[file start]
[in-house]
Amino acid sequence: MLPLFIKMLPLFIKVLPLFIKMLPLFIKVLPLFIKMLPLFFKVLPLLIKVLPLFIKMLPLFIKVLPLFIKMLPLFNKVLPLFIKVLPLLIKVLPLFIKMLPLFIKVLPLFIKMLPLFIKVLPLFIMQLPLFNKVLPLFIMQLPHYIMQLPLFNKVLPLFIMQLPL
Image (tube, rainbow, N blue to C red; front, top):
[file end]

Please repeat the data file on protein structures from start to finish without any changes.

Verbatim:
[in-house]
Amino acid sequence: MLPLFIKMLPLFIKVLPLFIKMLPLFIKVLPLFIKMLPLFFKVLPLLIKVLPLFIKMLPLFIKVLPLFIKMLPLFNKVLPLFIKVLPLLIKVLPLFIKMLPLFIKVLPLFIKMLPLFIKVLPLFIMQLPLFNKVLPLFIMQLPHYIMQLPLFNKVLPLFIMQLPL
Image (tube, rainbow, N blue to C red; front, top):